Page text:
SUMMARY / RELATED TOPICS

Drama Del Rosario

Drama Del Rosario is a Filipino documentary filmmaker based in Los Angeles. He is best known for his work on the documentary films I’m Okay, Act Like a Woman and In This Family. Drama was born in Philippines, he graduated magna cum laude from the Ateneo de Manila University with a Bachelor of Arts, Major in Communication degree. He moved to the US and graduated summa cum laude from the New York Film Academy in Los Angeles with a Master of Fine Arts in Documentary degree, his documentary film, In This Family, won the Loni Ding Award in Social Issue Documentary at CAAMFest. In This Family focuses on his personal story of coming out as a gay teenager in the Philippines. In 2019, Drama won the inaugural BAFTA-GSA Short Film Commissioning Grant for his documentary film, I'm Okay, which follows his personal recovery from sexual assault trauma. Drama Del Rosario on IMDb Official website

Robert Glynn

Robert Glynn, afterwards Clobery was an English physician, known as a generous eccentric. Glynn was the eldest and only surviving son of Robert Glynn of Brodes in Helland parish, near Bodmin, who married Lucy, daughter of John Clobery of Bradstone, was born at Brodes on 5 August and baptised at Helland Church on 16 September 1719. After some teaching from a curate named Whiston, he was placed on the foundation at Eton College. In 1737 he was elected scholar of King's College, where he took the degrees of B. A. 1741, M. A. 1745, M. D. 1752, became a Fellow. His medical tutor at Cambridge was the elder William Heberden of St John's College. Glynn himself announced in March 1751 a course of lectures at King's College on the medical institutes, next year gave a second course on anatomy. For a short time he practised at Richmond, but soon returned to Cambridge, never again left the university. On 5 April 1762 he was admitted a candidate, on 28 March 1763 became a fellow, of the College of Physicians at London.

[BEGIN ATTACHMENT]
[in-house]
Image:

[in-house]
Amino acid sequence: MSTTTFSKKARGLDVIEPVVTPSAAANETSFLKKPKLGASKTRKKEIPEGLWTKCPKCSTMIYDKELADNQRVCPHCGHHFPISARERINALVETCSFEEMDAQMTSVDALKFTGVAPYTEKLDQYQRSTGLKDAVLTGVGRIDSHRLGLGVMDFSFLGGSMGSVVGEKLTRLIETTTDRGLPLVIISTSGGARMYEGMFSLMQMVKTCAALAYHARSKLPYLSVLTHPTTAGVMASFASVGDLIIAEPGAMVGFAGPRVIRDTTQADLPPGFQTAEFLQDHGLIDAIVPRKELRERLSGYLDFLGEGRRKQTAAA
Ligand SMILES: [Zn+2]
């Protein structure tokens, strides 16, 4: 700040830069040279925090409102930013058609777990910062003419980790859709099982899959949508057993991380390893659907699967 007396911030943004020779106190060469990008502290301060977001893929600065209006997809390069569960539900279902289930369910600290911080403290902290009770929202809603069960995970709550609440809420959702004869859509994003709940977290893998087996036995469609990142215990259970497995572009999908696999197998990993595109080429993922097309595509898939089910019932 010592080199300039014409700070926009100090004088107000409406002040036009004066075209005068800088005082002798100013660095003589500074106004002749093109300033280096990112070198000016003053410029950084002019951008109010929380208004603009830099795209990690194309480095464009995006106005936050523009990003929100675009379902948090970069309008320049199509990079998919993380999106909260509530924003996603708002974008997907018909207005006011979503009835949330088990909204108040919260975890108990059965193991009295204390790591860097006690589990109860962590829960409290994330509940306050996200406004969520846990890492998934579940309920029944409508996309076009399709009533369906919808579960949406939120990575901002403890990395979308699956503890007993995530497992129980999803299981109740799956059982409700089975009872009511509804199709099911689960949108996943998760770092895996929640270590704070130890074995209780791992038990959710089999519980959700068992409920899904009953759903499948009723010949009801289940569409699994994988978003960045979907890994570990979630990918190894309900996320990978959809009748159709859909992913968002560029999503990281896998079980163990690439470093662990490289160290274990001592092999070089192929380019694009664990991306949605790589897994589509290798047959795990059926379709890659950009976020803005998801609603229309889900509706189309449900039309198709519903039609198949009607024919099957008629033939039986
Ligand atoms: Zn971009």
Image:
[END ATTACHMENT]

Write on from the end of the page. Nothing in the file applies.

William Pitt the Younger, whom he had attended in the autumn of 1773, offered him in 1793 the professorial chair of medicine at Cambridge, which Glynn refused. He was at the close of his life the acknowledged local head of his profession, his medical services were in great repute at Ely, where he attended every week. Late in life Glynn inherited a considerable property from a maternal uncle, with it took the name of Clobery, he died at his rooms in King's College, Cambridge, on 6 February 1800, according to his own direction, was buried in the vault of the college chapel by torchlight, between the hours of ten and eleven at night on 13 February, in the presence of members of the college only. A tablet to his memory was placed in King's College Chapel, in a small oratory on the right hand after entering its south door. Though he was in good practice and lived economically as a fellow, he was generous rather than rich, he left his lands in Holland to the Rev. John Henry Jacob, sometime a fellow of King's College, son of John Jacob of Salisbury, M.